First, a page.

The history of the Little Red Schoolhouse
TINA L. SCOTT
It began as a new one-room schoolhouse in 1904 and was first known as the District #1 School in the Town of Hamburg, Wisconsin, within the Athens School District. It was a wood-frame structure with a bell tower, with pine siding and Michigan cedar shingles for the roof. It was painted white and completed with the placement of the National Bell – Cast 22, Foundry CIN-O bell in the tower.
The new school replaced the one-room school built of logs that sat just to the west and had served as both school and church (when a “circuit rider” traveling pastor would come to preach), that was built in 1870 when area settlers met and decided they needed a school.
The new school was ready in time for the seven-month 1904-1905 school term. Mr. Gust Thompson was the first school teacher to teach in the new building, earning $40 per month, and the building was heated using a wood stove, so his first duty of the day was to build a fire in the stove to warm the building before the children arrived. According to the 1904 school census, 75 children (ages 19 and under) resided in the district, among them Herbert, Walter, Edward, John, Henry, Clara, and Erna, the younger children of Fred Fromm. (His oldest son, Arthur, was over 19.)
In 1907, the Town passed a resolution to make the school term eight months long, and in 1913, the school’s first well was drilled.
In 1919, the school was officially named Maple Grove School.
Many families in the area contributed to the success of the school and its expansion and growth over the years. The most notable family to do so was the Fromm family, and at least four of Fred Fromm’s sons continued their education beyond the 8th grade to become teachers for at least a time. Arthur, the oldest, even earned a Master’s Degree. The Fromm family considered education to be a high priority. Edward and Walter Fromm each taught for a time, but ultimately each returned home to Hamburg to join brothers, John and Henry, to pursue their dream of raising foxes. The Fromm Brothers enterprise was born.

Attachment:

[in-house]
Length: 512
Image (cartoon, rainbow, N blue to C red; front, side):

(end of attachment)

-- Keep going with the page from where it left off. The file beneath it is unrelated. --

In 1928, Edward Fromm paid $100 to have electric lighting installed in the school and later paid to dig a new well in 1936. In 1938, the school term increased to nine months.
In the late 1940’s, the Fromm Brothers donated $45,000, and Hamburg District #1 raised $5,000, to modernize the building and to add bathrooms, a multi-purpose room, and a full lower level kitchen to Maple Grove School. The Fromm Brothers started providing hot meals and bussing for students.
In 1949, the school was painted red and became known as the “Little Red Schoolhouse.”
Maple Grove School was sometimes referred to as the “Fromm School,” and due to the Fromm Brothers’ contributions, Maple Grove School was recognized throughout the state as a model modern one-room rural school. In 1952, three schools in Hamburg, among them Hamburg School District #1 (Maple Grove School) petitioned to join the Merrill School District in Lincoln County in pursuit of better opportunities for their children to seek secondary education. Maple Grove and the District #2 schools were approved and joined what is now the Merrill Area Public School (MAPS) District.
Kindergarten started at Maple Grove in 1957, under the guidance of Mrs. Arlene Teske. (Generations of students would come through her kindergarten and first grade classrooms and learn to read and write under her kind guidance over the years.)
Other schools in the Town of Corning, including the Park School in Lincoln County, also became a part of the Maple Grove District in 1960.
Throughout the years, the Fromm Brothers continued to be the special benefactors of the Maple Grove School. Whether it was gifts of fruit and candy to the school children at Christmas or providing for the school’s other needs, Maple Grove School was never far from the hearts of the Fromm family.
In a newspaper article dated October 4, 1962, Maple Grove School was described as “one of the nation’s unusual schools” and announced an open house for the public to see the most recent $92,000 addition to the building, which included two classrooms, a multi-purpose room equipped with showers, a stage, a teacher’s room, and more, and it was especially notable for its wood construction in a time when most schools were being built of brick, stone, or concrete. It was also noted to be one of the few schools in rural areas with kindergarten and classes through grade six.